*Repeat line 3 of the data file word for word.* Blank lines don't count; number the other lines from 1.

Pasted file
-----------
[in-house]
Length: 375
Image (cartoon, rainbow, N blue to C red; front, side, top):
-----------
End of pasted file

Image (cartoon, rainbow, N blue to C red; front, side, top):